This is in response to the debate following the horrific murder of nine black parishioners by a white supremacist at the Charleston church in the state of South Carolina, which still prominently displays the Confederate flag at its state capitol. A bit of context: the Confederacy was a collection of southern states who supported the practice of slavery, so its continued use in state structures is seen as troublesome and insensitive in a progressive America.
Many of these games are using the Confederate flag in the interest of historical accuracy, reflecting past real-world factions. Says Andrew of HexWar games, “We’re in no way sympathetic to the use of the flag in an offensive way, we used it purely because historically that was the flag that was used at the time.”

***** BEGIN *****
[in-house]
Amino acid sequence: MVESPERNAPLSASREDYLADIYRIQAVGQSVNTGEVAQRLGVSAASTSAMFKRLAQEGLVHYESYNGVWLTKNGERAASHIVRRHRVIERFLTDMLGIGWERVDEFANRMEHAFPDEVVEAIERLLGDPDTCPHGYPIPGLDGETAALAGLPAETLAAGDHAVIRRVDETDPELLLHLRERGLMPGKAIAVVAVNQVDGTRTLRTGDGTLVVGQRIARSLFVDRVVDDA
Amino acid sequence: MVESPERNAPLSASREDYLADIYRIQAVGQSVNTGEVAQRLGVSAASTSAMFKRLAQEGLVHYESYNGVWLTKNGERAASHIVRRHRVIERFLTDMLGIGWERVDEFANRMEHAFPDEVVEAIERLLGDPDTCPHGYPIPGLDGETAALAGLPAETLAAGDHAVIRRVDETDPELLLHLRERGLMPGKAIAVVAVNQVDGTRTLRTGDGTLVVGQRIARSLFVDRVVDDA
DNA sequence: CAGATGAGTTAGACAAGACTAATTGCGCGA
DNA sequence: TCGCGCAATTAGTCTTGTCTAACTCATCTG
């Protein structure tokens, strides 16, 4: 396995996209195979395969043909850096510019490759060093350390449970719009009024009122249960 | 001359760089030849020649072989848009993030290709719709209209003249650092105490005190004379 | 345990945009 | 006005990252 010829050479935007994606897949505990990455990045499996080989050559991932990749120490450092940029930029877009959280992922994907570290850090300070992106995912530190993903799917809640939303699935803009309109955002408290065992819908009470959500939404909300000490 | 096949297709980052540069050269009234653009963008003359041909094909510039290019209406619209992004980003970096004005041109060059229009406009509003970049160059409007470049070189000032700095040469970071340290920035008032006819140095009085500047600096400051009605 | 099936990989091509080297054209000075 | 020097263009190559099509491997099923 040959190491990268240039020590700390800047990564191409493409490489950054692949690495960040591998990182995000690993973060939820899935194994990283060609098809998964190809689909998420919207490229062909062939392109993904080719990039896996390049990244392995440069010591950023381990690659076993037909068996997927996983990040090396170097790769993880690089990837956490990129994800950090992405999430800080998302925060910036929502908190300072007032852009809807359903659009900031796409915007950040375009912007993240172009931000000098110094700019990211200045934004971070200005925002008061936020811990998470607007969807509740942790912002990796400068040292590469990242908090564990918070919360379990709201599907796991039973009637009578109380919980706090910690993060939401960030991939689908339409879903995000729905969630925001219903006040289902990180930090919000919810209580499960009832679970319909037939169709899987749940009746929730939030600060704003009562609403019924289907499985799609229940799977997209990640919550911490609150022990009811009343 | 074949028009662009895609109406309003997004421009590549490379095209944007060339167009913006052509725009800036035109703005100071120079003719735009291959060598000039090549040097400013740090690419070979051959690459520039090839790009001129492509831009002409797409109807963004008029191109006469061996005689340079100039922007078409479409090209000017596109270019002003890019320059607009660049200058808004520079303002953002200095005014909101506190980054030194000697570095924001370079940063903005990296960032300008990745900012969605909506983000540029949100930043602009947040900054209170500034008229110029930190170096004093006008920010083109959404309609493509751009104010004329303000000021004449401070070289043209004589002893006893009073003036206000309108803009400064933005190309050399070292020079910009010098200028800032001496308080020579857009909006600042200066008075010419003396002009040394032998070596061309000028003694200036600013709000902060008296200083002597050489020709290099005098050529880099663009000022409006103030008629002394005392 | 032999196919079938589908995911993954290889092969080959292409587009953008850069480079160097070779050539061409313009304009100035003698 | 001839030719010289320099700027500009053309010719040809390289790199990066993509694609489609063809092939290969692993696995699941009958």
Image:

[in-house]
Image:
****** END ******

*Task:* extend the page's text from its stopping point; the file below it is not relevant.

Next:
Questions around the morality and ethics of playing games based on real-world wars and battles is a hot debate within the actual wargaming community (if you want an excellent discussion on this, please check out this Three Moves Ahead podcast, “Ethics, Morality and Motivation”), but it feels like Apple’s overstepped the mark here.
Perhaps I’m wrong, though? Does the nature of games mean that their use delves into waters not touched by, say, historical novels or movies of the same? Should we be allowing people to play as the Confederacy in Civil War games, or the Nazis in WWII games like Hearts of Iron or Unity of Command, given what they stood for? Let us know in the comments.